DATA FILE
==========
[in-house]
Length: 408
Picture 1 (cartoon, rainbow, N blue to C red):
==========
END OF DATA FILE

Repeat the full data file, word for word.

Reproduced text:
[in-house]
Length: 408
Picture 1 (cartoon, rainbow, N blue to C red):